In a twist to the tale, the police confirmed a week prior to the charges being withdrawn that Bierman and De Beer were involved in another assault matter where the charges were also withdrawn after a settlement of R20,000 was reached. A third matter linked to the second is, however, continuing as the complainant is refusing to withdraw the complaint.

The media reported on the matter as a “road rage incident”, and Bierman’s attorney said, “all parties usually play a role, or a contributing role”, to such incidents. For some inexplicable reason, the Potgieters seem to be responsible, or partly responsible for being assaulted relentlessly by three men half their age. Potgieter, who nearly did not survive, is then left destitute and as a result, he has to settle for a monetary payment, knowing that his assailants will never see the long prison sentences they deserve. This must be a bitter pill to swallow.

The authority to institute criminal proceedings is derived from the Constitution and the National Prosecuting Authority Act, which also provides for a prosecution policy and directives. These afford prosecutors some discretion to prosecute, but the case at hand raises some serious questions about how prosecutors exercise that discretion.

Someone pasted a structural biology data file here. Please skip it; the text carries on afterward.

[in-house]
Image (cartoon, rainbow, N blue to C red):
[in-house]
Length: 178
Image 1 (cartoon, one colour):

The first issue is that under our law, the prosecutor is dominus litis, or the person to whom the suit belongs. Even if the complainant withdraws, the prosecutor may still continue with the prosecution based on other evidence if there is still a reasonable prospect of success. In principle, the complainant, or victim does not have the authority to determine whether or not to proceed with the prosecution – that authority lies with the prosecutor.

The NPA’s Prosecution Policy Directives are also clear that the complainant’s withdrawal of the complaint cannot be the only reason to withdraw charges.

Secondly, the withdrawal of the charges in this case seems to be motivated by the monetary settlement reached and as much as the Potgieters’ financial situation must be restored, theirs are not the only interests involved and there are also other means to secure restoration, including a civil case and court-ordered compensation after a prosecution.

In short, should a prosecution be halted because the alleged offender has the financial means to compensate the victim for his, or her losses? Surely it is also true that there is a societal interest in seeing perpetrators of serious crimes punished and being held accountable – and being discouraged from further crimes through imprisonment, or a suspended sentence?